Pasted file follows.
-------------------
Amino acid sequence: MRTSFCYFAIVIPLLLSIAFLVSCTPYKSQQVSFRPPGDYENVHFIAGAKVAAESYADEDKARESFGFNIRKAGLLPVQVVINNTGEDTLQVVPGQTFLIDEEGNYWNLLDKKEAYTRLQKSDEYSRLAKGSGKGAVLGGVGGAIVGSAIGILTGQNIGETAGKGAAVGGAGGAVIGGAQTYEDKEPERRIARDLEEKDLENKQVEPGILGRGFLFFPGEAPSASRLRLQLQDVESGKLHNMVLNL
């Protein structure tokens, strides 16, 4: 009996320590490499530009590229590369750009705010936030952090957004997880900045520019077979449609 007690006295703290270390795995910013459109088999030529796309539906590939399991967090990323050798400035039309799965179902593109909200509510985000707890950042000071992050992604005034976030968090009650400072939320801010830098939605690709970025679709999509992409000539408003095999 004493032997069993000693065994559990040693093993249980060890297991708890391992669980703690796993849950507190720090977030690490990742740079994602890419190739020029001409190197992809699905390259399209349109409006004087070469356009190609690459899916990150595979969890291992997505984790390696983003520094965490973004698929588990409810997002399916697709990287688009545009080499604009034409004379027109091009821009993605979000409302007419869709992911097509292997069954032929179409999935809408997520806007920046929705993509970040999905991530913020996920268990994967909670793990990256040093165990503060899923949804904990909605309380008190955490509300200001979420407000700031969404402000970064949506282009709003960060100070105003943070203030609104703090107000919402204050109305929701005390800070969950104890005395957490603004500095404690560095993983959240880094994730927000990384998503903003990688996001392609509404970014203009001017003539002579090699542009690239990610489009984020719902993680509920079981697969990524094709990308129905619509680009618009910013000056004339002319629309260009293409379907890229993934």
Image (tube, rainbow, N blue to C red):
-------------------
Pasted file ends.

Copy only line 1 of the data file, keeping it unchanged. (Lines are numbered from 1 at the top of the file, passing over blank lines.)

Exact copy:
Amino acid sequence: MRTSFCYFAIVIPLLLSIAFLVSCTPYKSQQVSFRPPGDYENVHFIAGAKVAAESYADEDKARESFGFNIRKAGLLPVQVVINNTGEDTLQVVPGQTFLIDEEGNYWNLLDKKEAYTRLQKSDEYSRLAKGSGKGAVLGGVGGAIVGSAIGILTGQNIGETAGKGAAVGGAGGAVIGGAQTYEDKEPERRIARDLEEKDLENKQVEPGILGRGFLFFPGEAPSASRLRLQLQDVESGKLHNMVLNL